Homeownership declined for the third year in a row, to 65.9 percent, after hitting a peak of 67.3 percent in 2006. Residents in crowded housing held steady at 1 percent, the highest since 2004, a sign that people continued to "double up" to save money.

      Average commute times edged lower to 25.1 minutes, the lowest since 2006, as fewer people headed to the office in the morning. The share of people who carpooled also declined, from 10.7 percent to 10 percent, while commuters who took public transportation were unchanged at 5 percent.

      The number of U.S. households receiving food stamps surged by 2 million last year to 11.7 million, the highest level on record, meaning that 1 in 10 families was receiving the government aid. In all, 46 states and the District of Columbia had increases in food stamps, with the largest jumps in Nevada, Arizona, Florida and Wisconsin.

      Other findings:

      --The foreign-born population edged higher to 38.5 million, or 12.5 percent, following a dip in the previous year, due mostly to increases in naturalized citizens. The share of U.S. residents speaking a language other than English at home also rose, from 19.7 percent to 20 percent, mostly in California, New Mexico and Texas.

      --The poorest poor hit record highs. Twenty-eight states had increases in the share of people below $10,977 in income, half the poverty line for a family of four. The highest shares were in the District of Columbia, Mississippi, Kentucky, Arkansas and South Carolina. Nationally, the poorest poor rose to 6.3 percent.

      --Women's average pay still lags men's, but the gap is narrowing. Women with full-time jobs made 78.2 percent of men's pay, up from 77.7 percent in 2008 and about 64 percent in 2000, as men took bigger hits in the recession.

      --More older people are working. About 27.1 percent of Americans 60 and over were in the work force. That's up from 26.7 percent in 2008.

      The census figures come weeks before the pivotal Nov. 2 congressional elections, when voters anxious about rising deficits and the slow pace of the economic recovery will decide whether to keep Democrats in control of Congress.

      The 2009 tabulations, which are based on pretax income and exclude capital gains, are adjusted for household size where data are available. Prior analyses of after-tax income made by the wealthiest 1 percent compared to middle- and low-income Americans have also pointed to a widening inequality gap, but only reflect U.S. data as of 2007.




      Northern Lights hit 100-year low point
      Tue Sep 28, 12:40 pm ET
      HELSINKI (AFP) - The Northern Lights have petered out during the second half of this decade, becoming rarer than at any other time in more than a century, the Finnish Meteorological Institute said Tuesday.

      The Northern Lights, or aurora borealis, generally follow an 11-year "solar cycle", in which the frequency of the phenomena rises to a maximum and then tapers off into a minimum and then repeats the cycle.

      "The solar minimum was officially in 2008, but this minimum has been going on and on and on," researcher Noora Partamies told AFP.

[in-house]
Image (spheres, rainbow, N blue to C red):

"Only in the past half a year have we seen more activity, but we don't really know whether we're coming out of this minimum," she added.

      The Northern Lights, a blaze of coloured patterns in the northern skies, are triggered by solar winds crashing into the earth and being drawn to the magnetic poles, wreaking havoc on electrons in the parts of the atmosphere known as the ionosphere and magnetosphere.

      Click here to see photos of Northern Lights

      So a dimming of the Northern Lights is a signal that activity on the sun which causes solar winds, such as solar flares and sun sports, is also quieting down.
      For researchers like Partamies, it is the first time they can observe through a network of modern observation stations what happens to this solar cycle when it becomes as badly disrupted as it is now.

      "We're waiting to see what happens, is the next maximum going to be on time, is it going to be late, is it going to be huge?" Partamies said.

      During the cycle's peak in 2003, the station on Norway's Svalbard island near the North Pole, showed that the Northern Lights were visible almost every single night of the auroral season, which excludes the nightless summer months.

      That figure has fallen to less than 50y percent, while the southernmost station, situated in southern Finland, has been registering only two to five instances annually for the past few years.


      My question --
      Why are the pyracantha berries at their full bloom right now, September -- instead of late November like usual?


      Airlines Want to Bump Air Marshals to Coach
      by Scott McCartney
      Thursday, September 30, 2010

      The Wall Street Journal

      A Debate Over Whether Agents in First-Class Seats Should Sit Farther Back Where Some Say Risk of Attack Is Greatest
      To protect the nation's air travelers, federal air marshals deployed after the 2001 terrorist attacks try to travel incognito, often in pairs, and choose flights identified with the potential to fall under threat.

      And they almost always fly first class-something some airlines would like to change. With cockpit doors fortified and a history of attackers choosing coach seats, some airline executives and security experts question whether the first-class practice is really necessary-or even a good idea. It could weaken security by isolating marshals or making them easier for terrorists to identify, airline executives say.